Big Ten Commissioner, President Trump discusses starting college football season


Big Ten Commissioner Kevin Warren made a telephone call with President Donald Trump on Tuesday after a White House representative discussed how the conference could return to playing college football as soon as possible.

Speaking to reporters on Tuesday at Joint Base Andrews in Maryland, Trump said the call with Warren was “very productive.”

“I think it was very productive about achieving [the] The Big Ten is playing again and immediately, “Trump said. Let’s see what happens.” He is a great man. It is a great conference, there are tremendous teams. We are pushing very hard. … I think they want to play, and fans want to see it, and the players have a lot at stake, including possibly playing in the NFL. You have a lot of great players in that conference.

“We had a great conversation, very productive, and maybe we would be very surprised. They had closed it, and I think they would have liked to see it in the open, as well as a lot of other football. Right now.”

In an earlier tweet on Tuesday, Trump signaled the Big Ten’s plans to return to the “one yard line”. A Big Ten official said a lot of work was yet to be done and it was emphasized that the league’s presidents and chancellors would have to approve any plan.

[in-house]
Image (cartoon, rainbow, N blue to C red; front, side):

Sources told ESPN that several plans are being considered by the Big Ten’s Return to Competition Task Force – with a possible early start in late November or early January, or later next spring.

A conference source told ESPN that no formal plans for withdrawal have yet been submitted to university presidents and vice chancellors for their approval. Although the Big Ten athletic director and coach would like to play as soon as possible, the source said university presidents needed to be assured that the league could ease its concerns about the unknown impact of COVID-19 on myocarditis, and a conference call. Needs to be – Limit testing protocol that assures equal access and viability in each compound.

Although the end of November remains a valid option to consider, the Big Ten’s real comeback will depend on how athletic directors and medical advisors can present a plan to group presidents about the risks involved in playing them Will make you feel more comfortable. Coronovirus epidemic.

On August 11, Big Ten became the first Power 5 conference to postpone football and other fall games with hopes of playing in the spring, citing the uncertainty surrounding the epidemic. Hours after that decision, the Pac-12 announced that it was pushing the fall game back to spring.

Other Power 5 conferences – ACC, Big 12 and SEC – are still planning to play football this fall.

A Pac-12 spokesman told ESPN on Tuesday that White House officials had not arrived to talk to Commissioner Larry Scott.

On Monday, the Big Ten admitted that its presidents and chancellors voted 11-3 to postpone the fall season, and several sources told ESPN that Iowa, Nebraska and Ohio State were the three schools that postponed the season. Voted against. The league said the vote was “for the health, safety and well-being of our student-athletes.”

“On behalf of the Big Ten Conference and its Return to Competition Task Force, the Big Ten Council of Presidents and Chancellors (COP / C), are exhausting every resource to help student-athletes play the sport they are supposed to Love. The proper time, in the safest and healthiest way possible, “the Big Ten said in a statement on Tuesday.

Heather Dinich of ESPN contributed to this story.

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